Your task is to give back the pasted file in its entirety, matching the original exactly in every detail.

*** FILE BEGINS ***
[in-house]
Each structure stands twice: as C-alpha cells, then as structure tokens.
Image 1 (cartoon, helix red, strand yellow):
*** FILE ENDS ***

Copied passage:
[in-house]
Each structure stands twice: as C-alpha cells, then as structure tokens.
Image 1 (cartoon, helix red, strand yellow):